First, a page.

Can Microsoft's Surface Pro 3 Really Kill Off Laptops?


Microsoft's new Surface Pro 3 wants to eliminate the need for both a laptop and tablet. Source: Microsoft.

This week, Microsoft  (NASDAQ: MSFT  )  took another step forward in its attempt to gain new tablet ground with the debut of its new Surface Pro 3. Just eight months ago, the company gave us the Surface Pro 2, but this new iteration feels much more like Microsoft knows what it's doing with tablets now -- and it wants to take laptops head-on. 

Lighter than Air and cheaper, too
At its launch event, Microsoft talked about how the Surface Pro 3 is finally the tablet that will replace the laptop. And to illustrate that message, Microsoft's corporate vice president for Surface Computing, Panos Panay, made several comparisons between Apple's  (NASDAQ: AAPL  )  MacBook Air and the Pro 3 in the presentation. For one, the Pro 3 is both thinner and lighter than Apple's MacBook Air and boasts a higher screen resolution.

Let's take a quick look at the specs for a real comparison:

 

Surface Pro 3 

MacBook Air 

Display Size

12 inches

13 inches

Resolution

2160x1440, 216ppi

1440x900, 128ppi

Aspect Ratio

3:2

16:10

Weight

1.76 pounds 
(without keyboard)

2.96 pounds

Processor

Intel Core i3, i5, i7

Intel Core i5, i7

Storage

64GB, 128GB, 256GB, 512GB

128GB, 256GB, 512GB

RAM

4GB, 8GB

4GB, 8GB

Battery Life

9 hours for web browsing

12 hours for web browsing

Cost

Starts at $799

Starts at $999

While it seems a bit odd at first to compare a laptop to the Pro 3, Microsoft is trying to convince consumers that this tablet is indeed the laptop replacement they've always been looking for. But that's exactly where Microsoft's biggest challenge is: getting users to see it as the best choice.

Sometimes better isn't enough
Microsoft's tablet ambitions got off to a slow start a few years ago. The company confused users with its Windows RT branding, introduced a Pro tablet that was too big and heavy to easily be held in one hand, and simply failed to convince buyers that its Surface tablets were the best choice.

Though the Pro 3 is clearly a superior product to Microsoft's previous tablets, the company has to win over tablet users who clearly prefer Android and iOS. There is little room for Microsoft tablets without taking iPad or Android market share. According to Gartner, Apple's iPad makes up 36% of the worldwide tablet market and Android takes up 62%.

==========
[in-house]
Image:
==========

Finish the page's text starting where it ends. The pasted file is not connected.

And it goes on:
Perhaps Microsoft knows tackling the tablet market is too hard, and that's why it's gone after laptops with the Pro 3. But convincing buyers that they don't need both a laptop and a tablet anymore is a hard sell. Admittedly, the Surface Pro 3 may be one of the best devices on the market at making that a reality, but there's one other problem.

Consumers will compare the Pro 3 not just to other tablets, but also laptops -- as Microsoft itself has done in comparing the Surface to the MacBook Air. One problem with this is that Apple is rumored to release a newly designed 12-inch MacBook Air later this year. While it's still speculation at this point, if the new MacBook does hit the market with higher specs, a Retina display, and a comparable price to the Pro 3, then Microsoft's new tablet may soon lose its best competition comparison.

Foolish thoughts
All this aside, I have to admit that I was impressed with the Surface Pro 3 while watching the launch event. Although a hands-on review is necessary to form a concrete opinion, it seems that Microsoft's newest tablet is what the other Surfaces wanted to be and what the company has needed to really compete in the tablet market.

With its lightweight and thin design -- mixed with its powerhouse specs -- the enterprise market could be tempted to purchase Pro 3's for workers and consumers may jump on board as well. Microsoft was right: This does appear to be a laptop replacement. The question is whether people trust the Surface brand to deliver.

Forget tablets -- this is going to be much bigger
There's a stirring in the tech world right now about how formerly "dumb" objects will soon communicate with each other and with us. Only a handful of companies have dipped their toes into the so-called Internet of Things, but a time's coming where most companies won't have a choice whether or not to adopt the new tech. The key for investors then is to find out which companies are getting in early and who's got the upper hand. That's why The Motley Fool's put together a new report on one company that could experience big gains from the $14.4 trillion Internet of Things industry -- and we're giving it away for free. Just click here now for access.


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